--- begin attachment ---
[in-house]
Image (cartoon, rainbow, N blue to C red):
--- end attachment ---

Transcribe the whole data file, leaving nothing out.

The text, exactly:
[in-house]
Image (cartoon, rainbow, N blue to C red):